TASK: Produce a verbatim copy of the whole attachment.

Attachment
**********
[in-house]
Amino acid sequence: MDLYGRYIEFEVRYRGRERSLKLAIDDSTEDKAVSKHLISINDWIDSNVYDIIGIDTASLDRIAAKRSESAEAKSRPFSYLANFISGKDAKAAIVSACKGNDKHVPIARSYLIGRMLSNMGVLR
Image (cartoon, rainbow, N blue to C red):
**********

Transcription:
[in-house]
Amino acid sequence: MDLYGRYIEFEVRYRGRERSLKLAIDDSTEDKAVSKHLISINDWIDSNVYDIIGIDTASLDRIAAKRSESAEAKSRPFSYLANFISGKDAKAAIVSACKGNDKHVPIARSYLIGRMLSNMGVLR
Image (cartoon, rainbow, N blue to C red):